BELLEVUE -- It started as a running joke for Keighley Harrison and Branda Blundell as they whiled away the shutdown days of the coronavirus pandemic watching videos of other people opening mobile hair businesses.
But maybe, just maybe, the two Bellevue hairstylists decided, they could do the same thing.
The pair, the best of friends since attending La’James International College in Fremont, found a 1998 Dutchman classic camper trailer in Iowa, spent six months turning it into a salon and suddenly, Good Life Grooming for Men was open for business.
It’s still hard for them to believe.
“We are young women, we put it together, even though it seemed freaking impossible,” Harrison said. “We did it. I feel proud of myself, proud of Branda.”
Harrison jokes that her boyfriend, Greg Knaff, better beware of her new construction skills. Who knows what she could change in their home while he’s away?
“He will leave for work, and now I have some knowledge,” she said.
The two women had none when they started working on the camper.
Zero construction background is how Harrison frames it.
“So once we gutted it, we figured out our new layout and went for it,” she said.
It brings a “wow” from everyone who enters the mobile salon.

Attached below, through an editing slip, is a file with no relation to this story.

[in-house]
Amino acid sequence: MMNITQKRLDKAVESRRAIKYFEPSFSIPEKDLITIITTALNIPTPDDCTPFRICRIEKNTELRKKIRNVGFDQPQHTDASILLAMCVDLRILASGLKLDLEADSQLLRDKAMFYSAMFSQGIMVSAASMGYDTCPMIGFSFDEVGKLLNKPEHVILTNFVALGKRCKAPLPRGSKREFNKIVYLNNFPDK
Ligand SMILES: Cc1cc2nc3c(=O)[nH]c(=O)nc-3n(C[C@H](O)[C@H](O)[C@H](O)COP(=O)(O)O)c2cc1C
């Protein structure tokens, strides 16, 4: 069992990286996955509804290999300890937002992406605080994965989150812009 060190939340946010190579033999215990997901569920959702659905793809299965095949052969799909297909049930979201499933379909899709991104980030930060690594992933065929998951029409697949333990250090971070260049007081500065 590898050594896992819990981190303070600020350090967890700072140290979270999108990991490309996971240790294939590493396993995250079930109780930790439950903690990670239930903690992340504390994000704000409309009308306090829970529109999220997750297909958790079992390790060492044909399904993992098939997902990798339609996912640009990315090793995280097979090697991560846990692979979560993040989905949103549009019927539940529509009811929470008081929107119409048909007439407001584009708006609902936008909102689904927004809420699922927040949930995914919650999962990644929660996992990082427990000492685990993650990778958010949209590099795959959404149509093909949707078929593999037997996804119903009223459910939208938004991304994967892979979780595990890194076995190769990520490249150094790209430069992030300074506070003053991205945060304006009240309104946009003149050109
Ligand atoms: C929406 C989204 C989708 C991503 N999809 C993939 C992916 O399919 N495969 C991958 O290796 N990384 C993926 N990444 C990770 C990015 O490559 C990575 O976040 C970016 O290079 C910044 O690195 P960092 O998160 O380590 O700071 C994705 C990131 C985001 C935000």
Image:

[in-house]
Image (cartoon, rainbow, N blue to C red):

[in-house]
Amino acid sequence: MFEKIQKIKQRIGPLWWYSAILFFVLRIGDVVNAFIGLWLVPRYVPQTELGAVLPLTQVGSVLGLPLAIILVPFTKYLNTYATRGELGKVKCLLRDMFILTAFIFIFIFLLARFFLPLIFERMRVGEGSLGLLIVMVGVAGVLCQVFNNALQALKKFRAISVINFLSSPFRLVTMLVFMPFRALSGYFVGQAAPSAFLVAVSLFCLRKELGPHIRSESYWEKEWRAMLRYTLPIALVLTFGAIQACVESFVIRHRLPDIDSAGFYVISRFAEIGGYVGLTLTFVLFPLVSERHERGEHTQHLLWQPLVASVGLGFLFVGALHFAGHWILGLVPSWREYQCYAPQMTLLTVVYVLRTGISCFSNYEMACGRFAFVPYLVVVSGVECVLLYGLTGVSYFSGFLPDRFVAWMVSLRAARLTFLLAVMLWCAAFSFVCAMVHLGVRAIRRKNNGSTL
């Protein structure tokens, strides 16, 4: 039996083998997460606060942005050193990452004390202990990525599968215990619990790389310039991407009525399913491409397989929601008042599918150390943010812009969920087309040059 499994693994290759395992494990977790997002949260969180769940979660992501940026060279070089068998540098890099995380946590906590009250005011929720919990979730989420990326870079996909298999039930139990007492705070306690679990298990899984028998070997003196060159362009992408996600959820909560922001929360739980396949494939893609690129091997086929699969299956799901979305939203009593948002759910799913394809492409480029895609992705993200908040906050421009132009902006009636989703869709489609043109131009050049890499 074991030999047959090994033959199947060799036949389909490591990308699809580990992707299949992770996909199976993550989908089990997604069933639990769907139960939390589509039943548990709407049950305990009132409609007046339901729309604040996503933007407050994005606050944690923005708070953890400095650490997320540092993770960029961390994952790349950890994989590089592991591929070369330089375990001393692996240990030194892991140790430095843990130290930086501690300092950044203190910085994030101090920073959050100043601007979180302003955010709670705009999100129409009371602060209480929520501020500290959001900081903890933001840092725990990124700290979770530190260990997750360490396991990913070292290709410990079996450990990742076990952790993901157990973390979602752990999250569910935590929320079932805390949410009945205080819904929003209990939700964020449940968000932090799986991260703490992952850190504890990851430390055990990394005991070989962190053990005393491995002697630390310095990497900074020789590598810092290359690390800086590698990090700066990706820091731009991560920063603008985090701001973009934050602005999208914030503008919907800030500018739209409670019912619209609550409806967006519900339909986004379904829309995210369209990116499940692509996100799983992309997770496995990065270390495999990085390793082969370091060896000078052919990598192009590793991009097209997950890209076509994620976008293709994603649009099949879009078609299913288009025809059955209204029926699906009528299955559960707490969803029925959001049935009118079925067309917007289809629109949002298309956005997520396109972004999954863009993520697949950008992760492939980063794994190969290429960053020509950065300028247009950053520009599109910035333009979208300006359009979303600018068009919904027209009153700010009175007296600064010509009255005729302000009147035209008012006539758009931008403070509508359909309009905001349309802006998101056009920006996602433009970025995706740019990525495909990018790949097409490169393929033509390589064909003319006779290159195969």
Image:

“I feel like clients are always super surprised when they walk in,” Blundell said. “It looks like a small camper on the outside, and it’s so open and spacious. It’s really surprising.”
Now all they need are more customers. The pair were used to cutting 16 heads of hair during always-busy eight-hour shifts at Sport Clips.
Their client list is small but growing as they travel between the DJ’s Dugouts in Bellevue and Plattsmouth and the Modern Work Suites & Studios at 84th and F streets. It takes them about 15 minutes to set up for business, and about the same time to close up so everything moves safely.
Curiosity brings some in, and others have followed their journey on the business’s Facebook page. They have loyal customers from their previous jobs, too. They say their biggest strength is convenience.
They joke that they’ve learned to live frugally while they survive the growing pains of a new business. They have big plans; they’re just unsure what those will be.
“I don’t know if we have an exact picture of what the dream is; we’ve been letting it create itself,” Blundell said. “We’d love to have more than one trailer — have a gals' trailer and numerous guys' trailers. We’d love to get into weddings, do grooming parties for the guys. We’re open to whatever the future brings and building it as we grow.”
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